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ERIC Number: ED342825
Record Type: Non-Journal
Publication Date: 1989
Pages: 195
Abstractor: N/A
ISBN: ISBN-0-8047-1498-3
Central American Refugees and U.S. High Schools. A Psychosocial Study of Motivation and Achievement.
Suarez-Orozco, Marcelo M.
This ethnographic study documents and interprets key school, work, and family life issues in the lives and experiences of a sampling of recent immigrants from the war-torn Central American nations; and suggests a psychocultural theory of achievement motivation. Information was gathered from observation in two urban high schools, interviews with 50 Salvadoran, Guatemalan, and Nicaraguan students and their families, and their responses to the Thematic Apperception Test (TAT). The following summary findings are reported: (1) in many respects, the Central Americans fit the ordinary American immigrant pattern; (2) escape from an environment of political terrorism and limited economic opportunity has a significant negative psychological effect on the students; (3) student perceptions of parental sacrifice are intertwined with their achievement motivation; (4) students used a dual frame of reference, comparing opportunities in their former home with opportunities in America, when assessing ongoing experiences and planning for the future; (5) student achievement aspirations are based on the desire to help others, as opposed to an individualistic concern for self-advancement and independence; (6) achievement motivation was also affected by a sense of guilt over their opportunity to leave Central America while other family members could not; and (7) students encountered educational barriers including "gatekeeping" techniques used in the schools, the need to work for a living, and legal problems. Seven tables of statistical data and three examples of adapted thematic apperception cards are included. A list of 195 references and an index are appended. (FMW)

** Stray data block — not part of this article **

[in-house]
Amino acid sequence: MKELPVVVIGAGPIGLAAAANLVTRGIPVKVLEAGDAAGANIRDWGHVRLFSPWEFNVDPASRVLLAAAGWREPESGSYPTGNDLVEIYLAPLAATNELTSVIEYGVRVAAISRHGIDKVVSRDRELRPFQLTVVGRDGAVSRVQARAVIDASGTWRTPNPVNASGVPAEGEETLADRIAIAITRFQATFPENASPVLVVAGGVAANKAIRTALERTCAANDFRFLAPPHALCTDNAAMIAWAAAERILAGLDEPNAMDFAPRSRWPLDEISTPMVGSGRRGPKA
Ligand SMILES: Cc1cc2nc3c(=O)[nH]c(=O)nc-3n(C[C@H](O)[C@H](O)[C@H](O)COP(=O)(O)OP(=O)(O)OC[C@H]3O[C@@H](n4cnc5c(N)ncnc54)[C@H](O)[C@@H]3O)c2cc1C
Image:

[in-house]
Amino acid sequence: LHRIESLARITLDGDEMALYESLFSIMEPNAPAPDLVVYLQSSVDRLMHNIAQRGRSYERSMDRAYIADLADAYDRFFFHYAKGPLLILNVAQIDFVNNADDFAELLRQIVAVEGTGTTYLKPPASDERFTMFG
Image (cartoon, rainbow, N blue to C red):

Stanford University Press, Stanford, CA 94305 ($32.50).
Publication Type: Books; Reports - Research
Education Level: N/A
Audience: Researchers
Language: English
Sponsor: N/A
Authoring Institution: N/A
Identifiers - Assessments and Surveys: Thematic Apperception Test
Grant or Contract Numbers: N/A